Public health restrictions on indoor dining are making already difficult jobs even tougher
The hospitality industry, especially restaurants and bars, have been struggling since the start of COVID-19 since their business poses a higher risk of transmission. Many restaurants didn’t survive the first wave of the pandemic, and the ones that are left are struggling financially.
Bar and restaurant owners aren’t the only ones suffering due to COVID-19. Armine Yalnizyan, an economist and Atkinson Foundation fellow who studies the future of workers, told Global News that the groups most impacted by the pandemic are women and minorities in low-paying service-sector jobs.
Manita, a bar and café in Ossington, is one of several Toronto restaurants and bars that experienced a COVID-19 outbreak. In a now-deleted Instagram post from September, the café-bar hybrid said that a staff member tested positive for the virus, and it would temporarily close down for cleaning as a result. All employees were directed to self-isolate.
Last month, Yonge Street Warehouse recorded seven confirmed cases of COVID-19 among staff and patrons, but continued regular operations. The pub has not released a statement regarding the outbreak. The Ryersonian reached out to the Warehouse Group for comment, but received no response.
Earlier this month, Toronto Mayor John Tory issued a 28-day ban on indoor restaurant dining in light of the recent increase in COVID-19 cases. Tory said the temporary closure was an attempt to avoid a larger, longer lockdown.
Toronto’s Medical Officer of Health Dr. Eillen de Villa also asked city council to lower the number of people per bar and restaurant from 100 to 75 people and the number of people allowed per table from 10 to six, in order to decrease the risk of COVID-19 transmission.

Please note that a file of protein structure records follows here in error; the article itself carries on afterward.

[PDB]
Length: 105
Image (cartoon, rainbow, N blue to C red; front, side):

In an interview with CTV News, Jeffrey Farber, a professor of food microbiology at the University of Guelph, said that although patio dining does not eliminate the risk of transmission, it may be safer than sitting inside a restaurant.
Along with owners, servers are feeling the financial hit, with lower wages and less customers. Former waitress and fourth-year Ryerson student, Maria Rosa Lopez used to work at a small family restaurant in Toronto.
“If you worked in the kitchen, you were still busy and still had hours, but if you were a waitress like I was, good luck, especially if your restaurant didn’t have a patio,” says Lopez.
Lopez was one of the many waitresses whose job was up in the air when the pandemic started.
“With smaller restaurants like the one I worked at, they all started to rely on family to come in and help because they didn’t have to pay them that much. They were able to save money. As a part-time or full-time person now, your hours weren’t guaranteed,” she says.
Lopez’s restaurant had to reduce its staff due to health and safety reasons. Many of the servers and kitchen workers had to work double-time to keep up with the restaurant’s workload.
“If you were one of two people working that day, you would do a little bit of everything from open to close. Even though it was a slow restaurant, you weren’t really getting tips, and you were doing double the work for the same pay,” she says.
Lopez has since left her job at the restaurant and is now focusing on school and working at home remotely as a writer.